I have made my position on the subject clear in various posts of this blog, and if I am returning to ít is not because this article of the Times has something very new to offer to the debate. I am mentioning it because in my opinion it is flawed by something which in my view is a serious journalistic error.
The group, founded by Nancy Alcorn, an American Christian evangelist who blames psychiatric illnesses and homosexuality on 'demonic activity', has homes in the US, Canada, New Zealand and Australia, writes Banneman, and we immediately know that there must be something fishy in what they do. Indeed, the story goes on to detail how this group dealt with issues such as bulimia through procedures that look very much like exorcism or even plain bullying.
There is no question in my mind that this "therapeutic" organization and its practices should be very carefully scrutinised and legal action be taken if any wrong doing is found. But what they do is not and cannot be an argument for the regulation by HPC. The dilemma was never "HPC Security vs Wild West Jungle". Still, by starting her article with this story, this is how Banneman presents the debate.
And when we read further down about the anti-HPC views of a psychotherapist based in "Urban Bliss" an oasis of calm among the boutiques of Portobello Road, West London, one cannot but feel a bit disoriented.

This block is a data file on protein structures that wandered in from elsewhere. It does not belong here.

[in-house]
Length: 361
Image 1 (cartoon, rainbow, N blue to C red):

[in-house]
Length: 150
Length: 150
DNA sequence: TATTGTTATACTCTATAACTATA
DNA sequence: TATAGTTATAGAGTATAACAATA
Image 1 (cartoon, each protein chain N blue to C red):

The clinic, we read, offers techniques across the spectrum of the therapy rainbow. There are healers specialising in shamanism, angel readings and 'theta healing'. And also naturopaths, reiki masters, clairvoyants and aura cleansers.
Now, I ask you to do a bit of quick textual analysis. What is your gut feeling when you read about angel readings and theta healing (in quotes) and aura cleansers? How do you assess the writer's opinion? Is Banneman full of respect for this organization, yes or not?
Yet, it is a therapist of this hocus pocus group who is chosen and assigned the task to present the anti-HPC argument, someone who describes herself as a "transpersonal integrative psychotherapist” specialising in “timeline therapy” and “eye movement desensitisation reprocessing” for trauma victims. To be fair, Banneman quotes other people as well, for example Andrew Samuels of UKCP, a very vocal opponent of the HPC plans; but Samuels' words are not sensational.
You see? That's the journalistic error. Banneman tries to be impartial and objective but her choice of language and overall article structure fails her. You cannot write a sensational yet impartial article about the pro– or anti–HPC debate. You have to choose. It will be either sensational or impartial.
This is the reason I wrote in the beginning about a contradiction.